Mimi Rabson is one of Boston’s most creative and versatile musicians. A first-prize winner of the Massachusetts Cultural Council Fellowship in composition, her compositions and arrangements are published by StringLetter Press (distributed by Hal Leonard), and include many original pieces along with arrangements of music by Duke Ellington, James Brown and Cole Porter. Ms. Rabson created the Really Eclectic String Quartet, and was a founding member of the Klezmer Conservatory Band. Ms. Rabson appeared with Itzhak Perlman on the recording called “In the Fiddler’s House” and on “The Late Show with David Letterman”. She was featured in a documentary about Klezmer music called “A Jumpin’ Night in the Garden of Eden”. Ms. Rabson served as musical director to academy award winner, Joel Grey in his production of “Borschtcapades ‘94”. Her composition “Klezzified” was featured on Saturday Night Live. Other performance credits include the premiere of “Fresh Faust” by Leroy Jenkins, soundtrack for “Sensorium”- the award winning film by Karen Aqua, with Robert Plant and Jimmy Page, Meatloaf, Kristin Chenoweth, the Boston Gay Men’s Choir, the Boston Camarata, the New England Ragtime Ensemble, the Klezmatics, Deborah Henson-Conant, the Pablo Ablanedo Octet, and XLCR. She has appeared on A Prairie Home Companion twice, at Avery Fisher Hall, Lincoln Center Out of Doors, Wolf Trap, the Mann Center, the Place des Arts in Montreal and other world class venues.

Phil Neighbors is originally from Cincinnati, and has lived in Boston since 1995. He has performed and/or recorded with groups as diverse as: The Revolutionary Snake Ensemble, Dave Birkin’s Hot Shots, the Sam Davis group, The Coots, the Jeff Robinson Trio, and the Funky White Honkies, Agachiko, and Triarky.


Warren Senders and The Raga Ensemble

One of the world’s great improvisational song forms is khyal, the richly ornamented classical singing of North Indian tradition. Accompanied by the harmonium of George Ruckert and the tabla of Amit Kavthekar, Warren Senders weaves a hypnotic tapestry of sound in his renditions of traditional ragas. Acclaimed as the foremost non-Indian performer of this beautiful idiom, Senders lived in India for many years, learning the khyal style from master teacher Pt. S.G. Devasthali. He has performed throughout the world, enrapturing audiences and critics with a unique combination of authenticity and originality. His most recent CD release, “The Beauty of Khyal,” features mesmerizing renditions of five evening and night ragas.

“…an amazing man, an amazing artist.”
Ustad Amjad Ali Khan, interviewed in Little India, September 2002

Mr. Senders has received grants and fellowships including the Indo-American Fellowship, the Jon B. Higgins Memorial Scholarship for Indian Music, a Senior Research Fellowship and a Performing Arts Fellowship from the American Institute of Indian Studies, support for music composition from Meet the Composer, and travel awards from the Fund for U.S. Artists. His writings on music have been published by Rhythm Magazine, Bansuri, the New England Conservatory Journal for Learning Through Music, and World Rhythm. Also a jazz musician, his original instrumental music can be heard on cds by “Antigravity” and the Jazz Composers’ Alliance Orchestra.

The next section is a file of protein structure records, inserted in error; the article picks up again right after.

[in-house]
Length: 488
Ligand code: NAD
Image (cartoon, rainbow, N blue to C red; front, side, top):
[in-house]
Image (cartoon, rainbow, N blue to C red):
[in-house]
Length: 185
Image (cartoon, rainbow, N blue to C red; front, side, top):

”Warren’s talent of keeping listeners engrossed by his delightful singing…comes from this same attitude of heartily enjoying the process of musical discovery.”
— Chaitanya Kunte, Tarun Bharat, Pune, India —

An internationally recognized educator and a faculty member of Tufts University and the New England Conservatory of Music, Mr. Senders has given hundreds of lecture-demonstrations, master-classes and clinics, for interested learners from kindergartners to elders. He has developed extensive course material on the structure and aesthetics of Hindustani music, and has introduced students students at colleges and universities all over the United States, Canada and India to aspects of Indian music.


About and the number 350:

Co-founded by environmentalist and author Bill McKibben, is the hub of a worldwide network of over two hundred environmental organizations, all with a common target: persuading the world’s countries to unite in an effort to reduce global levels of atmospheric carbon dioxide to 350 parts per million or less. Climatologist Dr. James Hansen says, “If humanity wishes to preserve a planet similar to that on which civilization developed and to which life on Earth is adapted, paleoclimate evidence and ongoing climate change suggest that CO2 will need to be reduced from its current 385 ppm to at most 350 ppm.” (Dr. Hansen heads the NASA Institute for Space Studies in New York City, and is best known for his testimony on climate change to congressional committees in the 1980s that helped raise broad awareness of the global warming issue.) Activists involved in the 350 movement include Rajendra Pachauri (Chairman, Intergovernmental Panel on Climate Change), Vandana Shiva (world-renowned environmental leader and thinker), Archbishop Desmond Tutu (1984 winner of the Nobel Peace Prize and a global activist on issues pertaining to democracy, freedom and human rights), Van Jones, Bianca Jagger, Dr. James Hansen, Barbara Kingsolver and many more.


Warren Senders is the contact person for “Voices Against Climate Change.” He is one of thousands of concerned global citizens hoping to trigger positive change through social action and the arts. He can be reached at or by telephone at 781-396-0734.